Start your free trial Cloud Application Architectures We could spend a lot of precious paper discussing Software as a Service or virtualization technologies did you know that you can mix and match at least five kinds of virtualization? Grid Computing Grid computing is the easiest application architecture to migrate into the cloud. A grid computing application is processor-intensive software that breaks up its processing into small chunks that can then be processed in isolation. If you have used SETI home, you have participated in grid computing. They collect volumes of data that subsequently need to be processed to search for a nonnatural signal that might represent attempts at communication by another civilization. It would take so long for one computer to process all of that data that we might as well wait until we can travel to the stars.
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Cloud Application Architectures. This is a great book on how to build apps in the cloud! I was happy to see how much depth it went into. It is thorough. Finally, George Reese is a good writer! This is how he covers so much ground with so much depth in so few pages, and it all makes sense. For a technical book, it has an amazing narrative flow.
The book begins with an intro to cloud computing in general, with definitions and an explanation of different models, plus cost estimates of traditional IT, managed hosting, and cloud computing for an app. This book is mostly about Amazon, and states that up front. I was happy that the author brought in people to write those, instead of doing it himself. They are non-promotional in nature, and quite short.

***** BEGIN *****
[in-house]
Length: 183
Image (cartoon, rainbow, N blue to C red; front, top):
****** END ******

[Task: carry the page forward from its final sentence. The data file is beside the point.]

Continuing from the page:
That adds value to the book, which would have been fine without them, honestly. Here we also start to see a focus on the platform as a whole—availability zones, security, redundancy, reliability. These topics are treated fairly and woven into every chapter. Chapter 3 picks all this up again: considering a move into the cloud? More cost comparisons, more explanations of concepts such as availability and how they translate into the Amazon cloud. Performance, disaster recovery and a few other topics show up here.
Chapter 4 is about how to build an app in the cloud: web app design, making multiple machines work together, handling failure, building AMIs, privacy, and operating databases especially MySQL in the cloud. The privacy section is particularly good. And as I said already, this is one of the types of things he weaves into the whole book. And then Chapter 6 is on disaster recovery: planning, implementing, managing.
It starts with capacity planning. I saw that he was a tech reviewer for this book, too. It also talks about how you scale vertically in the cloud. Well, not a lot really. I read every word in this book, I promise. Nobody knows how much excess capacity Amazon has, and as we know, weird things happen. This book is the first one to go onto my list of essential books in a while. I write about topics such as technology, mindfulness, and fitness, and I tweet at xaprb.
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Cloud Application Architectures
A Review of Cloud Application Architectures by George Reese